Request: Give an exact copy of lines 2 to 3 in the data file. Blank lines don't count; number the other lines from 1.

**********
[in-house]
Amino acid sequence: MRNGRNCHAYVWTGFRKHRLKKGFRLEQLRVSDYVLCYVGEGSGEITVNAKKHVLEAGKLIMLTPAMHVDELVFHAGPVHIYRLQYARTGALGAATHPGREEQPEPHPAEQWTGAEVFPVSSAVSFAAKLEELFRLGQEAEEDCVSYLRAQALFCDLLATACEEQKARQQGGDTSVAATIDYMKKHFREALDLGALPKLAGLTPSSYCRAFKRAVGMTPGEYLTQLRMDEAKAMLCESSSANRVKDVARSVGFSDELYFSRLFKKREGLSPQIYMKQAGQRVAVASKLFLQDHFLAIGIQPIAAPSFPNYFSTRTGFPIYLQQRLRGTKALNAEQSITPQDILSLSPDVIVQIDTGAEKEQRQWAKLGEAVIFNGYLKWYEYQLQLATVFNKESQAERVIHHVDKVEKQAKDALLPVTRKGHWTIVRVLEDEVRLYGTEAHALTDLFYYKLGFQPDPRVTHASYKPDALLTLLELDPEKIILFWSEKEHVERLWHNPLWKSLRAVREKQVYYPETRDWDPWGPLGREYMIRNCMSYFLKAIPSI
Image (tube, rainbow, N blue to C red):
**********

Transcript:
Amino acid sequence: MRNGRNCHAYVWTGFRKHRLKKGFRLEQLRVSDYVLCYVGEGSGEITVNAKKHVLEAGKLIMLTPAMHVDELVFHAGPVHIYRLQYARTGALGAATHPGREEQPEPHPAEQWTGAEVFPVSSAVSFAAKLEELFRLGQEAEEDCVSYLRAQALFCDLLATACEEQKARQQGGDTSVAATIDYMKKHFREALDLGALPKLAGLTPSSYCRAFKRAVGMTPGEYLTQLRMDEAKAMLCESSSANRVKDVARSVGFSDELYFSRLFKKREGLSPQIYMKQAGQRVAVASKLFLQDHFLAIGIQPIAAPSFPNYFSTRTGFPIYLQQRLRGTKALNAEQSITPQDILSLSPDVIVQIDTGAEKEQRQWAKLGEAVIFNGYLKWYEYQLQLATVFNKESQAERVIHHVDKVEKQAKDALLPVTRKGHWTIVRVLEDEVRLYGTEAHALTDLFYYKLGFQPDPRVTHASYKPDALLTLLELDPEKIILFWSEKEHVERLWHNPLWKSLRAVREKQVYYPETRDWDPWGPLGREYMIRNCMSYFLKAIPSI
Image (tube, rainbow, N blue to C red):